New book questions Harris's record on big banks

A new book by journalist Aaron Glantz is challenging Sen. Kamala HarrisKamala Devi HarrisBooker leads other 2020 Dems in petition urging DNC to change debate qualifications Sanders revokes congressional endorsement for Young Turks founder Cenk Uygur The Hill's Campaign Report: 2020 Democrats trading jabs ahead of Los Angeles debate MORE’s (D-Calif.) record on taking on big banks when she was California’s attorney general from 2011 to 2017.

Glantz joined "Rising" to discuss his latest book, “Homewreckers: How a Gang of Wall St. Kingpins, Hedge Fund Magnates, Crooked Banks and Vulture Capitalists Suckered Millions of Out of Their Homes and Demolished the American Dream."

In the book he claims that when Harris was California’s attorney general, she allowed Treasury Secretary Steven MnuchinSteven Terner MnuchinThe Hill's Morning Report — Sponsored by AdvaMed — House panel delays impeachment vote until Friday US, China reach limited trade deal ahead of tariff deadline Lawmakers strike spending deal to avert shutdown MORE’s OneWest Bank at the time to illegally foreclose on tens of thousands of families and then tried to bury a report with the evidence.

“She stood up this mortgage fraud strike force that was supposed to be looking at ways that people were cheating the system,” Glantz told Hill.TV on Monday, referring to the now 2020 Democratic presidential candidate.

“Her staff on this mortgage fraud strike force, they drew up a 25-page memo detailing how Mnuchin’s bank was allegedly breaking the rules and they brought it to her and they asked her to prosecute his bank and she buried the report,” he continued.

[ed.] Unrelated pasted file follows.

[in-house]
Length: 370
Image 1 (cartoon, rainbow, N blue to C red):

Glantz added that Harris didn’t have to answer for the move in the immediate years that followed because she hid the report. 

A spokesperson for Harris's campaign didn't immediately respond to Hill.TV's request for comment.

Harris, who has a history of taking on the banking industry, has faced renewed scrutiny in recent years over her decision not to prosecute Mnuchin for violating state foreclosure laws.

According to a 2013 memo first published by The Intercept, the California attorney general’s office alleged that Mnunchin violated notice and waiting period laws, manipulated legal documents and rigged foreclosure auctions.

But Harris decided not to heed the California attorney general’s recommendation to file charges against him and has since stood by her decision. 

“We went and we followed the facts and the evidence, and it’s a decision my office made,” Harris told The Hill in an interview last year. “We pursued it just like any other case. We go and we take a case wherever the facts lead us.”

⁠—Tess Bonn